How universities can manage identity in an increasingly digital sector

Thanks to rapid digitisation, a greater focus on short courses and a desire to compete on the global stage, universities are setting themselves for a more profitable future. But saddled with such lofty ambitions come new security threats – ranging from stolen data to identity theft.

Jasper Rowe, Principal at Rowe Consulting, is at the forefront of this higher-education transformation. He’s spent more than two decades working in the security space, having built and deployed the shared identity and access management (IAM) service for the NSW Government. Jasper and his team are specialists in the university sector, so he was the perfect person to sit down with and discuss the challenges around identity establishment and user authentication at tertiary institutions.

Managing identity in a fast-changing sector

Like most industries, the university sector has been majorly impacted by COVID-19. Many have decided to accelerate their digital transformations as a way to mitigate their reduced funding and set themselves up as more flexible education providers.

Many would argue that tertiary institutions were already slow to adapt to a changing market, and the pandemic simply opened their eyes to the reality: that students have a keen appetite for flexible learning. But with any change, new challenges inevitably follow.

“When we look at the way in which the learning market has changed over the past three to five years, there’s been a very significant shift to digital learning,” Jasper says. “And much of that comes down to people wanting to learn something very specific.”

“We’re seeing people seek out higher education as a way to, for example, become a more effective manager, rather than seeking out a postgraduate degree. Or perhaps they want to expand their development capabilities by learning Python, or understand what’s happening in cryptocurrency by taking a Bitcoin 101 course.”

While most universities have the capacity to meet those specific needs, they aren’t designed to deliver learning in such a way. Jasper says it’s still very much around an “award-based program”.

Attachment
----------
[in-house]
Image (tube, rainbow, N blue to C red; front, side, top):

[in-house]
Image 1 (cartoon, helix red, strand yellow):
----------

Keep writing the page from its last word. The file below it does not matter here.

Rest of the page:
“As we see this shift towards digital learning,” he says, “there’s an acceleration of the desire to deliver short-course products.”

How does identity address this?

It’s incredibly difficult to understand your market – and to effectively market to them – without having a clear identity and access management (IAM) strategy. IAM is about defining and managing the roles and security access privileges of all individuals, whether they be students, employees or external contractors. By having a trusted digital identity for each and every person interacting with the university – online or on campus – you can begin to effectively manage and monitor exactly who is accessing what, when, where and how.

“If you look at the lifecycle of a student, we come in as an undergraduate, progress through our degree and then become alumni,” Jasper says. “Once we’re an alumnus, we have essentially finished our engagement with the university. But that becomes problematic because the reality is that those alumni can then become advocates and even prospects for future short courses.”

Because of this, in order to effectively manage that journey from undergraduate to alumnus to short-course student, identity must play a central role. This is particularly true when you consider how short-course students should have access to learnings and services.